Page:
Tesla’s contribution to the genre – the long-announced Cybertruck – isn’t in production yet, but one was recently spotted in Silicon Valley. (Elon Musk usually sends out prototypes at times when it might be nice to have other securities circulating.) Tesla does not advertise, but rather misleading videos which are shared on Musk’s Twitter – but the Cybertruck is marketed with the same Macho EV shtick, as a towing capability with “the ability to pull near infinite mass”. (If this were true, it could tow a planet.) After the 2019 unveiling, in which Tesla chief designer Franz von Holzhausen threw steel balls at his windows as a show of force to finish break them, Tesla delved further into its pseudo-military “protective” features: “Starting with a nearly impenetrable exoskeleton, every component is engineered for superior strength and endurance, from structural skin of ultra-hard 30X laminated stainless steel cold to Tesla armor glass,” conforms to the description of the vehicle. Rivian’s R1T truck, like the Hummer and Cybertruck, is also marketed as a tough guy vehicle, with youtube videos showing them in the desert, traversing “8 modes, all-terrain” and doing “the tank rotates.” But like many such vehicles sold in the United States, most of the people who drive them go to the store to buy milk: a survey of pickup truck owners in the United States showed that one-third rarely or never use their truck for transport, and two-thirds rarely or never use it for towing. (Rivian, to its credit, has put its EV technology to good use elsewhere by manufacturing Amazon delivery vans and is build an electric bike.)
But the lightly traveled roads these vehicles travel make them unsafe. Tracking news stories and federal data by the advocacy group Children and Car Safety shows that “before” child deaths – that is, cars that run over children, without back off – have dramatically increased over the past decade, almost doubled from 2009 to 2019 compared to the previous ten-year period. During the same period, the front hood of the average American pickup truck increased by 11% and vehicle weight increased by 24%. according to Consumer Reports. And in addition to their size, the Macho EVs also have increased torque. Indeed, only two trucks can go from 0 to 100 km/h in 3 seconds, and they are both electric: the Hummer EV and the Rivian R1T. But being able to accelerate so quickly in such a large vehicle creates an extremely dangerous combination. This extra power – the Hummer EV calls it, appropriately, “WTF” – has Hummer EV drivers posting videos where they struggle to control the vehicle. “I had forgotten how heavy this car is” says a driver. “He didn’t want to slow down.”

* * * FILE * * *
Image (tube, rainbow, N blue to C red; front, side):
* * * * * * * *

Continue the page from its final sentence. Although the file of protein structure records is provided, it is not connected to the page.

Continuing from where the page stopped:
Rivian’s R1T pickup truck is billed as an “electric adventure vehicle”.
Photo: Sebastian Hidalgo/Bloomberg via Getty Images
The Macho EV market also shows no signs of slowing down: Demand for the electric version of America’s most popular car, the Ford F-150, is so high that Ford has stopped taking new reservations. Maybe that’s why Ford CEO Jim Farley said in june, “If you ever see Ford Motor Company do a Super Bowl commercial on our electric vehicle, sell the stock.” Instead, Ford is increase the prices of the F-150 Lightning to cover supply chain issues created, in part, by a global shortage of minerals like lithium. Macho EVs are incredibly lithium-hungry; they are creating a new brand of environmental devastation even as they claim to save the planet.
Whether “petro-masculinitydefined the past decade, as oversized, gas-guzzling SUVs and trucks came to offset more than 80 percent of all new vehicle purchases, we are now heading into an era of “bro-electrification”. We’ll ditch fossil fuels, but we’ll hold on to everything so toxic in American car culture – the road deaths, the sprawl, the costs of land and mineral extraction, the bombastic Super Bowl ads equating your masculinity to the size of your zero-emission mobile bunker. Will Ferrell was in norwaythe world’s best-selling electric vehicle market – hasn’t he noticed that the electric cars there are not built to zombie-escaping standards, everyone still drives just fine and the country records its lower number of road deaths in decades? Why design for the apocalypse when maybe you could just work a little harder to prevent it?